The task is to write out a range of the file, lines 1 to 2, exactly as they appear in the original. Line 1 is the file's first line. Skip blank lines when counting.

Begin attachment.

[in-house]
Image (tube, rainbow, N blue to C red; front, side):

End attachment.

[in-house]
Image (tube, rainbow, N blue to C red; front, side):